You’re invited to a free community yoga class, meeting every Tuesday evening at the Prosperity Grange. All levels, no experience necessary. Please bring a mat and eat only lightly if not at all prior to class.

Prosperity Grange
3701 Steamboat Island Road N.W., Olympia, WA, 98502
5:30 PM to 7 PM
Every Tuesday, unless otherwise stated on the door of the grange hall

For more information, contact Betsy Grace at 561-6200 or

Free Workshop “Neighborhood Approach to Stream Restoration” – February 4th

How can your neighborhood improve wildlife habitat? Get rid of invasive plants? Take care of that neglected neighborhood stream?

Join us for a workshop on the basics of habitat restoration and stream maintenance. Thurston Conservation District staff will help workshop participants understand how to assess the habitat value of their neighborhood stream, learn ways to improve or restore important stream features, and discover techniques to get your neighborhood involved.

Wednesday Feb. 4th, 2009
6 to 7:30 PM
Olympia Timberland Library (313 8th Ave SE, Olympia)

For more information, contact Kandi Bauman at (360) 754-3588 or

Commissioner Dysfunction or Clever Tactic? You Be the Judge

After many long weeks of work, Thurston County Democrats discharged their responsibility by sending to the Thurston County Board of Commissioners a list of three candidates to replace Bob Macleod. However, Commissioners Cathy Wolfe and Sandra Romero were unable even to agree on a process for selecting a replacement from that list.

The top three candidates selected by Thurston County Democrats were:

  • Karen Valenzuela
  • Susan Bogni
  • Walt Jorgensen

Click here to see the final vote results.

Legally, the remaining two commissioners are to select Macleod’s replacement. Failing that, the Governor must make the appointment.

Despite all the work done by Thurston County Democrats, work that included public forums, written applications and responses to questions posed to each candidate (and available online at, Commissioners Wolfe and Romero were unable to come to an agreement as to even how to proceed to discharge their responsibility to the citizens of Thurston County.

It’s now up to Governor Gregoire to select a commissioner for our district.

In a January 8th editorial appearing in the Olympian, editors wrote:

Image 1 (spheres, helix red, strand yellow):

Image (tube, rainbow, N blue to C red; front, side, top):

It’s a failure of leadership and Thurston County Treasurer Robin Hunt rightfully blasted the pair for their failure. In an e-mail sent to Romero and Wolfe Wednesday, Hunt said, “I was blown away when I read that the governor has to make the (appointment) because the 2 current commissioners can’t agree. This does not bode well for you 2 running the county when you are unable to come to some simple agreement on a straightforward process. . . . Please do your job instead of bailing as it reflects poorly on our county. We have a tough enough job with the times we are in.”

What the heck happened?

Commissioner Romero advocated for appointing Karen Valenzuela, the top choice of Thurston County Democrats, to replace Macleod for the duration of his term. As reported in the Olympian, “Romero noted that Valenzuela was the top choice of ‘elected PCOs’ and the vote ‘wasn’t even very close.'”

In a phone message, Wolfe said, “I feel it’s my job to pick from the top three choices of the Democratic Party. And they did send us three names and I feel it is incumbent upon us to evaluate those names and pick the next person that will be the best fit.”

Personally, I have to admit that I concur with Robin Hunt’s assessment of the situation. Commissioners Wolfe and Romero should have made this call. They should have come to an agreement on the process in order to execute their responsibility to the citizens of the County. Instead, it appears to me they didn’t even try. I hope this does not presage the level of performance we’ll see from this Board of Commissioners. In any case, it is a most regrettable start.